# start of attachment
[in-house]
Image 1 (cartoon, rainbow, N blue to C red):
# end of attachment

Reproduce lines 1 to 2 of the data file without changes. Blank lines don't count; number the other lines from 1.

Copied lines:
[in-house]
Image 1 (cartoon, rainbow, N blue to C red):